Jul 07, 2021 09:45 PM

Update: China Tightens Oversight of Overseas-Listed Companies Amid Data Security Concerns

Last week, China’s cybersecurity regulator announced an investigation into Didi just days after the ride-hailing giant’s $4.4 billion IPO in the U.S.
Last week, China’s cybersecurity regulator announced an investigation into Didi just days after the ride-hailing giant’s $4.4 billion IPO in the U.S.

China will step up scrutiny of domestic companies’ overseas share sales and data security as part of a sweeping campaign to contain risks related to securities markets, according to a document issued Tuesday by the general offices of the ruling Communist Party and the State Council.

The move dealt a fresh blow to foreign-traded Chinese stocks following recent crackdowns on tech businesses including ride-hailing giant Didi Global Inc. U.S.-listed Chinese stocks largely declined Tuesday morning after the news. Alibaba lost more than 2.8%. finished the day more than 5% lower.

China will strengthen oversight of companies traded abroad and set up a supervisory system to address risks and emergencies related to foreign-listed companies, the authorities said in new guidelines (link in Chinese) on illegal activity in the securities market.

Rules for overseas listings will be revised, while regulatory bodies will enhance coordination on supervision, the authorities said.

The document also pledged to step up oversight of data security and cross-border data flows. China will toughen laws and regulations on the management of confidential information and hold publicly traded companies accountable for keeping their data secure, it said.

The guidelines underscore regulators’ growing concerns over big companies’ offshore share sales and related security issues. Citing national security and data risks, China’s cybersecurity regulator announced an investigation last week into Didi just days after the ride-hailing giant’s $4.4 billion IPO in the U.S. Beijing subsequently ordered the removal of Didi from app stores, prompting the company’s shares to plunge.

American depositary shares of Beijing-based Didi fell as much as 25% to $11.58 Tuesday morning, wiping out about $22 billion of market value and taking the stock below its $14 IPO price.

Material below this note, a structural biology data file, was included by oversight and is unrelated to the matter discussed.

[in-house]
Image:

Read more  
Analysis: Didi’s Fate and China’s Overseas Share Sale Policies

Following the Didi probe, regulators expanded the investigation to include two more domestic tech companies that went public in the U.S. last month. The Cyberspace Administration of China Monday ordered online recruitment platform Boss Zhipin, run by Kanzhun Ltd., and Yunmanman and Huochebang — two truck-booking apps run by Full Truck Alliance Co. Ltd. — to stop registering new users.

Both Didi and Full Truck Alliance have collected vast amounts of road traffic data across China, while Kanzhun has amassed tons of information about talent from every walk of life. Didi even touted in its prospectus that it has “the world’s largest repository of real-life traffic data across a vast spectrum of driving conditions and scenarios,” with 377 million annual active users and 13 million annual active drivers in China.

“With the opening of the capital market, cross-border investment and financing activities are becoming more frequent, involving more flows of important data,” one market expert said. This triggers concerns over data security, as domestic entities controlled by overseas listed companies may illegally transfer important economic data across the border, the expert said.

Domestic market players mustn’t transmit sensitive information related to national security across the border without authorization, as per China’s Law on Guarding State Secrets and Cybersecurity Law (link in Chinese), said the expert. Upcoming relevant laws include the Data Security Law effective from Sept. 1, and the Personal Information Protection Law which is now being deliberated.

Currently, Beijing is revising a 2009 regulation (link in Chinese) on overseas listed companies’ data management, according to the Tuesday document.

The U.S. remains a popular IPO destination for Chinese companies, especially those in the technology sector, despite mounting tensions between the world’s two largest economies and the growing risk of being delisted. Chinese firms raised $7.9 billion in the U.S. last month through first-time share sales, the most since September 2014, when Alibaba Group Holding Ltd. had its IPO, according to data compiled by Bloomberg.

The guidelines also pledge to toughen punishment of capital market misconduct, such as financial reporting fraud, insider trading and market manipulation. Regulators will hold listed companies’ shareholders and executives accountable for violations and strengthen scrutiny of financial intermediaries, the document said.

The guidelines propose improving law enforcement and judicial systems to combat illegal securities activities, by setting up specialized working groups; increasing coordination between financial regulators, the Ministry of Public Security and prosecutors; and improving the mechanism of information sharing, among other measures.

The government will also explore effective ways to strengthen international enforcement and cooperation in the securities sector, actively participate in international financial governance, and establish law enforcement alliances to combat cross-border securities violations and crimes, according to the guidelines.

Contact reporters Han Wei ( and Luo Meihan ( and editors Bob Simison (, Michael Bellart ( and Joshua Dummer (

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